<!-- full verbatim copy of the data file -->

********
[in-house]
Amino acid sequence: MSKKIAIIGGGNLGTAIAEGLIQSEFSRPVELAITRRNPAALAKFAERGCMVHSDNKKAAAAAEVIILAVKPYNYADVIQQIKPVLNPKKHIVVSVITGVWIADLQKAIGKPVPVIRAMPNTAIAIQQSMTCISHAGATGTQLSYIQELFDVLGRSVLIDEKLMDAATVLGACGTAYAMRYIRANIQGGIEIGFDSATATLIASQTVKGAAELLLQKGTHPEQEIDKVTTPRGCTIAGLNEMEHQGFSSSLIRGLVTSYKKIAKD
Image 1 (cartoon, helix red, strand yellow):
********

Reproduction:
[in-house]
Amino acid sequence: MSKKIAIIGGGNLGTAIAEGLIQSEFSRPVELAITRRNPAALAKFAERGCMVHSDNKKAAAAAEVIILAVKPYNYADVIQQIKPVLNPKKHIVVSVITGVWIADLQKAIGKPVPVIRAMPNTAIAIQQSMTCISHAGATGTQLSYIQELFDVLGRSVLIDEKLMDAATVLGACGTAYAMRYIRANIQGGIEIGFDSATATLIASQTVKGAAELLLQKGTHPEQEIDKVTTPRGCTIAGLNEMEHQGFSSSLIRGLVTSYKKIAKD
Image 1 (cartoon, helix red, strand yellow):